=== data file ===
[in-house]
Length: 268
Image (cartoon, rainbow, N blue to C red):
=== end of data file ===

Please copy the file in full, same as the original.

[in-house]
Length: 268
Image (cartoon, rainbow, N blue to C red):